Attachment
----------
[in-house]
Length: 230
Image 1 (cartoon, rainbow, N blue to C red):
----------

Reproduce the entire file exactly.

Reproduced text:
[in-house]
Length: 230
Image 1 (cartoon, rainbow, N blue to C red):